Ice cubes have come a long way. A century ago, cubes were delivered in one enormous block. When I was a child, my family used ice cube trays. Today, however, if you need to fill a beverage cooler before a picnic or ball game, you needn’t even touch a tray. Many refrigerators produce cubes one at a time. Simply position your cooler below the dispenser, push the button and watch individual pieces of ice roll out of the door.
As the ice cube has gone, so has the evangelical Protestant movement. This is true at least in Western culture where one’s identity is no longer defined by the block (the Catholic Church) or the tray (a denomination in which there’s a shared ecclesial structure). Instead, evangelicals often operate as individuals who roll out the door with little-to-no commitment to church membership.
Given the depth of individualism within many of our Protestant circles, Catholics often see us as a multitude of isolated believers bereft of unity. We have no papal leader, no bishops to govern, no common liturgy to stabilize public worship, and a lack of agreement about what constitutes orthodox belief and practice. What we do have (from a Catholic point of view) are a myriad of fragmented churches which seem to make decisions according to their preferences. We evangelicals often see such fragmentation as “unfortunate;” for Catholics however it’s a travesty.
I think it is fair to say that in many evangelical quarters, we depreciate the importance of visible church unity. For instance, in how many towns do we have likeminded evangelical churches that never communicate with one another? Pastor Josh Moody explains how we make this mistake:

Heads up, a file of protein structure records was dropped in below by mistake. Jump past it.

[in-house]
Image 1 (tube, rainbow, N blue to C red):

We, in conservative Christian circles, have vigorously maintained the message of the gospel but, at least in some areas and among some movements, have begun to lose any profound grasp of the community of Christ. We have rightly said that a relationship with God is a personal matter. In our context, though, it has become but a step, and a step many of us have unthinkingly taken, to acquiesce that a relationship with God is a purely individual matter. This is practical heterodoxy. Jesus said you can identify his disciples by the kind of relationship they have with one another, by the “love” they have for one another.
In the same vein as Moody, New Testament theologian Robert Banks presses on this problem when he writes, “Paul’s understanding of community is nothing less than the gospel in corporate form!” Think about that for a moment.
When a scholar like Banks makes such a provocative statement, it is worth considering. In a simple sentence he hits us between the eyes with an aspect of salvation that often eludes us; namely, when God redeems us, he births us into his community. Each of us represents a living stone which God enjoins to form a spiritual house (Eph 2:19-22; 1 Pet 2:4-10). We are members of Christ’s Body, organically connected to one another (Rom 12:3-8; 1 Cor 12:12-31). The Lord Jesus himself prays for this unity asking the Father to make us “one,” just as the triune God is One (John 17:11), and the Apostle Paul exhorts us to earnestly preserve our oneness (Eph 4:3). Anything less is sub-Christian.
 Josh Moody. The God-Centered Life: Insights from Jonathon Edwards for Today. (Vancouver: Regent College Publishing, 2006), 113.
 Robert Banks. Paul’s Idea of Community. (Peabody: Hendrickson, 1994), 190.